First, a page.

Pwn2Own Researchers Reveal Oracle, VMware, Apple Zero-Day Exploits

The first day of the 2019 Pwn2Own hacking competition saw researchers awarded a total of $240,000 for demonstrating new zero-day exploits in Apple Safari, Oracle VirtualBox and VMware Workstation.

Pwn2Own 2019

Day in and day out, vendors do their best to keep their software patched and free from zero-day vulnerabilities. Then along comes the annual Pwn2Own competition and within minutes, elite researchers are able to demonstrate new zero-day flaws.

The first day of Pwn2Own 2019 on March 20 in Vancouver, Canada, saw researchers reveal new zero-day vulnerabilities in Apple Safari and macOS, as well as Oracle VirtualBox and VMware Workstation. Pwn2Own, which is operated by Trend Micro's Zero Day Initiative (ZDI), rewards researchers with cash prizes for demonstrating new zero-day vulnerabilities during the live event. All told, researchers collected a total of $240,000 in awards for their efforts and there are still two more days left.

A team known as Fluoroacetate, made up of researchers Amat Cama and Richard Zhu, was the big winner on day one, exploiting Apple Safari, Oracle VirtualBox and VMware Workstation, earning $160,000 for their day's effort. In terms of how a single group was so successful, it has to do with circumstance and opportunity.

"Part of it was luck of the draw, but mainly, they had many entries," Dustin Childs, ZDI communications manager, told eWEEK. "We’ve seen this happen in the past with large teams, but not with a duo like them."

In years past, there had been broader participation from researchers from different geographies, including China. Researchers from China, however, are absent from Pwn2Own 2019. Childs noted that there have been regulatory changes in some countries that no longer allow participation in global exploit contests such as Pwn2Own and Capture the Flag competitions.

Apple Exploits

The Fluoroacetate team's first target was a fully patched Apple macOS system running the Safari web browser. The researchers were able to exploit the browser using a bug class known as an integer overflow and then used a heap overflow bug to escape the macOS sandbox. Overflow bugs, whether in the heap or integer, involve a form of memory corruption or manipulation that enables an attacker to gain unauthorized access. ZDI awarded Fluoroacetate $55,000 for the full exploit chain.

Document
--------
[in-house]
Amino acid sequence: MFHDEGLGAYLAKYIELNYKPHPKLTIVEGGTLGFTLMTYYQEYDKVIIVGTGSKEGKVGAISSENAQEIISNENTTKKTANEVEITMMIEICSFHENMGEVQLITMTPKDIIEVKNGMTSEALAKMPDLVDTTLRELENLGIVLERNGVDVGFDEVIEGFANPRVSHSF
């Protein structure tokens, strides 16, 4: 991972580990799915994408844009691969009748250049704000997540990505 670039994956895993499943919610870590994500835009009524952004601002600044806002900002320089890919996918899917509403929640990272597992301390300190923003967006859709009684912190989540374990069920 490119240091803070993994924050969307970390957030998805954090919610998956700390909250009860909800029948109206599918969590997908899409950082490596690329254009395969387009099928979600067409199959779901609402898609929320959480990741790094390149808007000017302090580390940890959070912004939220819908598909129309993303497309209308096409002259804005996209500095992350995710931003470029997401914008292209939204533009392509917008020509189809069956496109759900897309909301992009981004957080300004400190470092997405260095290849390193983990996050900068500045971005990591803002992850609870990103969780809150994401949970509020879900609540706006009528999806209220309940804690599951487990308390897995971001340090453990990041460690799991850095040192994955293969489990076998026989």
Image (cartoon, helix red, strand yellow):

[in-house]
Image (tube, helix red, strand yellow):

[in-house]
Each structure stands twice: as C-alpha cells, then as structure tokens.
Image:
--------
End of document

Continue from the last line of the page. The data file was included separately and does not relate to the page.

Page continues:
Fluoroacetate wasn't the only group that targeted Apple. A pair of researchers identified as phoenhex & qwerty earned $45,000 for an exploit of Safari with a macOS kernel escalation.

"It was a complete system compromise," Childs said. "By browsing to their website, they triggered a JIT bug followed by a heap out-of-bounds (OOB) read—used twice—then pivoted from root to kernel via a Time-of-Check-Time-of-Use (TOCTOU) bug."

Childs added that, unfortunately, it was only a partial win, since Apple already knew of one of the bugs used in the demo.

Hypervisors

Virtualization hypervisors were also on the target list for the first day of Pwn2Own 2019, with both Oracle VirtualBox and VMware Workstation falling to researchers.

Fluoroacetate used an integer overflow and a race condition to escape the VirtualBox virtual machine to get unauthorized access to the underlying operating system. Fluoroacetate was also able to use a race condition bug to exploit VMware Workstation and get running code on the host operating system. According to Childs, Fluoroacetate didn't use the same bug to exploit both VMware and Oracle.

"The techniques are similar, but the bugs themselves are different," he said.

A race condition is a software defect whereby shared data is accessed by multiple concurrent threads without proper data access protection, which could lead to data loss, corruption or crashes. 

Researcher Phạm Hồng Phi was also successful in being able to exploit Oracle VirtualBox, earning $35,000. Phi's exploit used an integer underflow to gain access to the underlying operating system. With a virtualization hypervisor, a core fundamental component of the architecture is to isolate the virtual machine from the actual host operating system on which the hypervisor is running. What the Pwn2Own researcher was able to demonstrate is that they could escape the isolation.

In years past, ZDI would only pay the first group of researchers who successfully exploited a target, but that's not the case in 2019.

"This year, we decided to pay full price for each successful demonstration—not just the first," Childs said. "For both entries, the bugs reside in the VirtualBox hypervisor."

The ZDI policy is to privately disclose the new flaws to the impacted vendors, who will now have up to 120 days to patch the issues before a public disclosure is made. Pwn2Own 2019 continues on March 21, with researchers set to target the Mozilla Firefox and Microsoft Edge browsers.

Sean Michael Kerner is a senior editor at eWEEK and InternetNews.com. Follow him on Twitter @TechJournalist.

Sean Michael Kerner

Sean Michael Kerner

Sean Michael Kerner is an Internet consultant, strategist, and contributor to several leading IT business web sites.